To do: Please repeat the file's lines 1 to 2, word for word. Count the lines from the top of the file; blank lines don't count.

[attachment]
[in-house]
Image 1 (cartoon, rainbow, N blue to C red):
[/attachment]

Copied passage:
[in-house]
Image 1 (cartoon, rainbow, N blue to C red):